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Why can’t people build stadiums in Italy? (Part 2)

But the project exceeded its budget by 84%, with the team cost estimated to be one billion euros today. The overspending left a huge debt and so the local government that owned the stadium demanded exorbitant rent from the clubs.

They were even more ugly when CONI (Italian Olympic Committee) financed a number of projects with the requirement of adding an athletic track to make football fans pushed further, difficult to follow. ball situations on the field.

But the most unfortunate part of the 1990 project lies in its timing. Nowadays, the renovated / newly built stadiums are no different from modern architecture, from a distance looks like a spaceship; at that time, the stadiums in Italy were faithful to the giant concrete ‘rice bowl’ design.
The real stadium-building boom took place in the late 1990s, with iconic constructions like the Stade de France or the Amsterdam Arena. Thus, although built only less than a decade apart, but Italy has many backward and redundant stadiums compared to the rest of Europe. Many pitches are too big for the club’s stature, like San Nicola with 58,000 seats while Bari, currently competing in Serie C, has an average audience of just 12,000. The average number of spectators watching Lazio and AS Roma is 40,000 but that is still too small, leaving more than 33,000 vacancies at the giant Olimpico. On the other hand, clubs have struggled to find round-by-round revenue, while still paying extremely expensive maintenance fees to ensure these dilapidated stadiums meet the standards of tournament organizers.

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Olympic Stadium

Why can’t people build stadiums in Italy? (Part 1)

Italy has no shortage of romantic football stories, from individual players, rich traditional clubs whose stories have been passed down for generations to iconic stadiums.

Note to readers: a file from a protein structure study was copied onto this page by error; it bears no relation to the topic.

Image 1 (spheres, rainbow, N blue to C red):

But at the end of 2020, the outdated facilities, the crumbling brick floor and the uncomfortable view from the stands are still part of the fans’ experience coming to the football field. Only four clubs have their own stadiums: Juventus, Udinese, Sassuolo and Atalanta. The remainder attempted to modernize or build their own ‘soccer sanctuary’, but were all thwarted by a combination of rigid bureaucracy and decision-making at speed. cow turtle. A report earlier this year found that 93% of the stadiums of Italy’s three highest leagues were owned by the government. The average age of these courtyards is 63 years, of which 42% are not equipped with roof.


To understand why the situation is so bad, we have to go back thirty years to the 1990 Italian Summer.

The country’s first boot-shaped World Cup since 1934 sparked a super project to build and renovate stadiums across the country. Exactly only two newly built stadiums are the Stadio delle Alpi in Turin and the Stadio San Nicola in Bari, but the rest are significantly upgraded to host the World Cup.

The San Siro is the most notable example: an additional stand was added to increase capacity, the roof was fitted and the iconic circular concrete blocks to this day. The Stadio Olimpico in Rome, Luigi Ferratis in Genoa, San Paolo in Naples and Artemio Franchi in Florence are also in the category of major upgrades.